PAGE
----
Live regions. Again they're sections of the page that get updated usually via ajax / XHR. And you can now mark those and say this region is going to get updated so you can, you give it a role of region. And then you give it a property of live to say whether you want the changes announced in a polite manner, an assertive manner or in a rude manner. So, polite will wait until the screen readers done talking and then it'll announce updates. Assertive might wait for a pause while the screen reader is reading. Rude means, "hey were taking the sever down in thirty seconds you better log off," so it will speak that immediately.

And then you can say, you can mark the region as atomic. Do I want the entire region is being updated and everything that's being updated is important, or only the changes will be announced. So again I can add that really easily.

An example would be, this is a picture of the Dojo sample mail application but you can see a mail application would be a perfect example. Where i have an inbox listing and i'm navigating through the inbox and i pick one of the messages and in my preview pane, in the lower part of the screen,it brings up my my message. Now, a scream reader user would have to navigate down there and find out what that message said. But, if I mark that as a live region it will, the screen it will speak those contents as soon as they get updated so the ser can pick a message and then hear what what is in there.

And that again this is a digit ContentPane so I add the role - I say it's a region on that preview area area. I put in aria-live is assertive so I want it to speak it very soon and I want the entire change to be spoken. So the summary is that you know the tool kits are implementing ARIA so use them! I mean all you know, Dojo all the core dojo widgets which are found in the dijit directory are fully accessible to keyboard as well as low vision as well as a screen reader user. jQuery UI is working on it. YUI is adding it. So ARIA helps make ajax accessible and you guys do all this JavaScript stuff you use the tool kits you know about all these you know regular expressions and prototype and all sorts of things - you can figure out this ARIA stuff it's not it's not that hard! So we want you to make your websites dynamic and accessible! And I also want to say I don't have time in ten minutes to do live demos but there's a talk tomorrow at eleven thirty in this room that's ah Ajax Accessibility - an ARIA dDuet. And we'll actually doing real demos so you can see some of this in action tomorrow.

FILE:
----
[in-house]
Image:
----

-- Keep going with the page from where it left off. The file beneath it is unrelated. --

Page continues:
And I do want to leave you with a... So just think however Quaint it may have been where would ah where would Scotty have been .. Oh, never mind sorry we don't have audio if you all remember the clip You know where would scotty have been when he went to the computer and he wanted to speak to it. He needed a different mode of input

John, you can totally act out the voices (laughter)

and where would Scotty have been

and he's speaking into the mouse...<./p>

thank you! So, any way without the keyboard he would not have gotten his transparent aluminum. So i want you to remember, you know that might be that your app is going to create the next transparent aluminum and you better make sure it's fully accessible!